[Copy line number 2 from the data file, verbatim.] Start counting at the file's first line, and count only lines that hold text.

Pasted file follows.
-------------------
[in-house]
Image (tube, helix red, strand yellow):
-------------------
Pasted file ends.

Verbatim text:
Image (tube, helix red, strand yellow):